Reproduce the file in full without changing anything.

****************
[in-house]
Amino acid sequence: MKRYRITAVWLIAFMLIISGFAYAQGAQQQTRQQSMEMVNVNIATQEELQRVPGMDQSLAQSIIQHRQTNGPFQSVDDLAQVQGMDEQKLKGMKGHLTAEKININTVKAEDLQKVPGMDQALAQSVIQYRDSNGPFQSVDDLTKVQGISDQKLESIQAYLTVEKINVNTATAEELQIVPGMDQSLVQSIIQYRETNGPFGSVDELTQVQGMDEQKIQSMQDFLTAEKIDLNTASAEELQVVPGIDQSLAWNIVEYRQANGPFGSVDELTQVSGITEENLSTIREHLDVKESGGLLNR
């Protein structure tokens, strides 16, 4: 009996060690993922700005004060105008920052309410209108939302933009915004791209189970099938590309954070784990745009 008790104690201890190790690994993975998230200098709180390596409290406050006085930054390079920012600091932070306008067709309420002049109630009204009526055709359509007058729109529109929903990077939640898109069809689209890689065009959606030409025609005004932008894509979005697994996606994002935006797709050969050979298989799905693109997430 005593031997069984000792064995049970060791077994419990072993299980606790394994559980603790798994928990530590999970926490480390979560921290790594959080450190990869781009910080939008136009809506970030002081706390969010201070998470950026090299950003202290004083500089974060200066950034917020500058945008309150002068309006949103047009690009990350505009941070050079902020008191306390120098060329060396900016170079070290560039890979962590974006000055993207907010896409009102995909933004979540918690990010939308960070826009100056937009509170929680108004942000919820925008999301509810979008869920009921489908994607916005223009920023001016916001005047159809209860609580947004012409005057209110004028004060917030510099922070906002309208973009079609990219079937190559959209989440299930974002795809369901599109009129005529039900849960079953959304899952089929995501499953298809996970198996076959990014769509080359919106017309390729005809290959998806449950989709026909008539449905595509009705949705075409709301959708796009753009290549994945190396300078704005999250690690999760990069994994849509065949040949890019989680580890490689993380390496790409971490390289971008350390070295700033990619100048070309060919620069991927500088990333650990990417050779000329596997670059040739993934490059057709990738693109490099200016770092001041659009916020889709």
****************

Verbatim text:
[in-house]
Amino acid sequence: MKRYRITAVWLIAFMLIISGFAYAQGAQQQTRQQSMEMVNVNIATQEELQRVPGMDQSLAQSIIQHRQTNGPFQSVDDLAQVQGMDEQKLKGMKGHLTAEKININTVKAEDLQKVPGMDQALAQSVIQYRDSNGPFQSVDDLTKVQGISDQKLESIQAYLTVEKINVNTATAEELQIVPGMDQSLVQSIIQYRETNGPFGSVDELTQVQGMDEQKIQSMQDFLTAEKIDLNTASAEELQVVPGIDQSLAWNIVEYRQANGPFGSVDELTQVSGITEENLSTIREHLDVKESGGLLNR
């Protein structure tokens, strides 16, 4: 009996060690993922700005004060105008920052309410209108939302933009915004791209189970099938590309954070784990745009 008790104690201890190790690994993975998230200098709180390596409290406050006085930054390079920012600091932070306008067709309420002049109630009204009526055709359509007058729109529109929903990077939640898109069809689209890689065009959606030409025609005004932008894509979005697994996606994002935006797709050969050979298989799905693109997430 005593031997069984000792064995049970060791077994419990072993299980606790394994559980603790798994928990530590999970926490480390979560921290790594959080450190990869781009910080939008136009809506970030002081706390969010201070998470950026090299950003202290004083500089974060200066950034917020500058945008309150002068309006949103047009690009990350505009941070050079902020008191306390120098060329060396900016170079070290560039890979962590974006000055993207907010896409009102995909933004979540918690990010939308960070826009100056937009509170929680108004942000919820925008999301509810979008869920009921489908994607916005223009920023001016916001005047159809209860609580947004012409005057209110004028004060917030510099922070906002309208973009079609990219079937190559959209989440299930974002795809369901599109009129005529039900849960079953959304899952089929995501499953298809996970198996076959990014769509080359919106017309390729005809290959998806449950989709026909008539449905595509009705949705075409709301959708796009753009290549994945190396300078704005999250690690999760990069994994849509065949040949890019989680580890490689993380390496790409971490390289971008350390070295700033990619100048070309060919620069991927500088990333650990990417050779000329596997670059040739993934490059057709990738693109490099200016770092001041659009916020889709």